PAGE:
Evasion and Diversion as Manipulation Tactics

Side-stepping and misleading: rather than being accountable and responsible, what the issue-dodger and subject-changer really wants is to advance their own agenda at the expense of yours, while simultaneously managing your impression of them.

I’ve been presenting a series of articles on certain behaviors common to individuals with disturbed characters. These behaviors serve as vehicles of resistance to accepting the principles of social responsibility and also are effective tactics of manipulation and impression-management. Some of the behaviors we’ve explored so far include rationalization, blaming, and minimization:

All of these behaviors create problems in relationships. But perhaps no behaviors are as frustrating to someone trying to elicit some degree of accountability from another as are the tactics of evasion and diversion.

A moving target is hard to hit. If you try to confront an issue head on, a person who wants to manipulate you will do their best to side-step the issue. Evading a matter of central concern is a great way not only to dodge responsibility, but also to keep the light of illumination from shining on the behavior needing attention.

I remember a conversation between a woman who tried to confront her husband about the infidelity she suspected. When he responded that he certainly understood how she might be suspicious because he’d been working so hard lately, he effectively side-stepped the issue. This woman had the moxie to continue pressing the issue — but the more she tried to pin him down, the more evasive he became, combining his issue-dodging tactic with other tactics.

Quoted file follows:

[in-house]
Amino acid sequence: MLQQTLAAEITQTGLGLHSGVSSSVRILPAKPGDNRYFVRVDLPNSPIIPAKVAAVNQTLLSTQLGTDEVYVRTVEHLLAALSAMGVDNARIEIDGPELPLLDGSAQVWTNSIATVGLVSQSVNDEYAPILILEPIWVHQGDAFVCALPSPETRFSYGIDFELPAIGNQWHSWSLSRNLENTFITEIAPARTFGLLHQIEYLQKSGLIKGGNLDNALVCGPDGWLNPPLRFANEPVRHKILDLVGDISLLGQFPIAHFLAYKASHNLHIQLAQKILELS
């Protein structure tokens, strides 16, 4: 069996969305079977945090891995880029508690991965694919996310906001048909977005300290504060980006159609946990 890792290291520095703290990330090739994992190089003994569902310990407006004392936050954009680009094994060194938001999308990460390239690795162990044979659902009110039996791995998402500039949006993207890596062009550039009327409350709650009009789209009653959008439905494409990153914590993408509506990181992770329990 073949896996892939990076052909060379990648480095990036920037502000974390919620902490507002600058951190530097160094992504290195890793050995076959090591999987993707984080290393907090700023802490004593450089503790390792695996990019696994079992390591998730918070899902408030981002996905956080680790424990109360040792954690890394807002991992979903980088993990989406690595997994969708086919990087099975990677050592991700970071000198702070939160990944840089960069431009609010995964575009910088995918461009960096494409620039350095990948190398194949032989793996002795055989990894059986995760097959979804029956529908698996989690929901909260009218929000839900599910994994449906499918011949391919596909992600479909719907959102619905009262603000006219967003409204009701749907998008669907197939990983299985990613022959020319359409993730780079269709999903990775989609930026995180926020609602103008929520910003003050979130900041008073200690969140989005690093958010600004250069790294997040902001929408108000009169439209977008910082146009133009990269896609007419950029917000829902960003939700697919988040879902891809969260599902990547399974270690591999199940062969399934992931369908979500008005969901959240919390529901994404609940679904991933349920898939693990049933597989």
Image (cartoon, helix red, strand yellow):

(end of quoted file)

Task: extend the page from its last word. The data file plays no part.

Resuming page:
The tactic of diversion often goes hand-in-hand with evasion. Sometimes, when you try to pin down someone intent on manipulating you, they’ll effectively change the subject, focusing attention on some other related or even tangential issue. This emotional sleight of hand is an effective way to keep attention focused on almost anything else but the matter which has been raised. Many times, attention is shifted toward the person trying to bring a problem behavior to light, thus effectively not only throwing that person on the defensive, but also prompting them to lose focus and become derailed in their pursuit of their own agenda.

Diversion and evasion are two effective means of deflecting concern or confrontation about problem behaviors. It is axiomatic that the person using these tactics has no intention whatsoever of taking responsibility for a behavior or of considering changing it. Rather than be accountable and responsible, what the issue-dodger and subject-changer really wants to do is to advance their own agenda at the expense of yours while simultaneously managing your impression of them. Such tactics are employed very effectively by political talking heads when they are grilled by news commentators who have serious questions about the policies being endorsed: as a result, they stay on message, while looking good and remaining convincing, despite what they know are flaws in their positions.

All clinical material on this site is peer reviewed by one or more clinical psychologists or other qualified mental health professionals. This specific article was originally published by on and was last reviewed or updated by Dr Greg Mulhauser, Managing Editor on .

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